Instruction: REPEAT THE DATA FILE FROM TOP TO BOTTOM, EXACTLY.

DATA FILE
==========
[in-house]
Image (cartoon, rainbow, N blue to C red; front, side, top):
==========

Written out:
[in-house]
Image (cartoon, rainbow, N blue to C red; front, side, top):